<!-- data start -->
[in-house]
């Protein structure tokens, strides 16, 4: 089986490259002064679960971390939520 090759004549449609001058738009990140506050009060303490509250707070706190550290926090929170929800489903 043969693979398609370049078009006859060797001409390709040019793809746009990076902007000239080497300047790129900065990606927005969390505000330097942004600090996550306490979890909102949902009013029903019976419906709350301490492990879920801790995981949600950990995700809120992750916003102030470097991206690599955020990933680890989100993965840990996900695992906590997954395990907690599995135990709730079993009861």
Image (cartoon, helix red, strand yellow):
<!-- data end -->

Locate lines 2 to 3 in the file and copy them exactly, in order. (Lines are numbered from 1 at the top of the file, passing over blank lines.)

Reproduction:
């Protein structure tokens, strides 16, 4: 089986490259002064679960971390939520 090759004549449609001058738009990140506050009060303490509250707070706190550290926090929170929800489903 043969693979398609370049078009006859060797001409390709040019793809746009990076902007000239080497300047790129900065990606927005969390505000330097942004600090996550306490979890909102949902009013029903019976419906709350301490492990879920801790995981949600950990995700809120992750916003102030470097991206690599955020990933680890989100993965840990996900695992906590997954395990907690599995135990709730079993009861």
Image (cartoon, helix red, strand yellow):